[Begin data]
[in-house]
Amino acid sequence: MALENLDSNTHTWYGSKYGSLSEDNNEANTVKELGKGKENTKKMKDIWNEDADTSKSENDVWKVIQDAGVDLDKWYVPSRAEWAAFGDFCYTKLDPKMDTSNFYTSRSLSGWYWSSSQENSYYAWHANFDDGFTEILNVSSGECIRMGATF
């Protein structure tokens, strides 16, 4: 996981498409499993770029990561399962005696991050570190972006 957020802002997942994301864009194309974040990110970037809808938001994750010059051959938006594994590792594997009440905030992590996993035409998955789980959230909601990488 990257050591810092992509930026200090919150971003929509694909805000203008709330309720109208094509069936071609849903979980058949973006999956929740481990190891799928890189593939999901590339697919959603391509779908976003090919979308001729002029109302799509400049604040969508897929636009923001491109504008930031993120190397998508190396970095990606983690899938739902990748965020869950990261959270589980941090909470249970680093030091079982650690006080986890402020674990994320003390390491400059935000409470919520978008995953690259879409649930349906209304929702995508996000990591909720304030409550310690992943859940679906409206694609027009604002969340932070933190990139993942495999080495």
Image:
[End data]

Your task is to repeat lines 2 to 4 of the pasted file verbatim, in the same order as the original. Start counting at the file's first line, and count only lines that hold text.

Amino acid sequence: MALENLDSNTHTWYGSKYGSLSEDNNEANTVKELGKGKENTKKMKDIWNEDADTSKSENDVWKVIQDAGVDLDKWYVPSRAEWAAFGDFCYTKLDPKMDTSNFYTSRSLSGWYWSSSQENSYYAWHANFDDGFTEILNVSSGECIRMGATF
């Protein structure tokens, strides 16, 4: 996981498409499993770029990561399962005696991050570190972006 957020802002997942994301864009194309974040990110970037809808938001994750010059051959938006594994590792594997009440905030992590996993035409998955789980959230909601990488 990257050591810092992509930026200090919150971003929509694909805000203008709330309720109208094509069936071609849903979980058949973006999956929740481990190891799928890189593939999901590339697919959603391509779908976003090919979308001729002029109302799509400049604040969508897929636009923001491109504008930031993120190397998508190396970095990606983690899938739902990748965020869950990261959270589980941090909470249970680093030091079982650690006080986890402020674990994320003390390491400059935000409470919520978008995953690259879409649930349906209304929702995508996000990591909720304030409550310690992943859940679906409206694609027009604002969340932070933190990139993942495999080495």
Image: